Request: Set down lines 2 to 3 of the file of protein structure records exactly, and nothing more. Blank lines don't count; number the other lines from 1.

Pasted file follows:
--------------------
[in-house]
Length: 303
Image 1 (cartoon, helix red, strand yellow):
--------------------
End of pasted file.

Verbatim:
Length: 303
Image 1 (cartoon, helix red, strand yellow):